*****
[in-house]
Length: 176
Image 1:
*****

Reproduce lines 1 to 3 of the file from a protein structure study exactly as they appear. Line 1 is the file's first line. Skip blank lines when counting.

[in-house]
Length: 176
Image 1: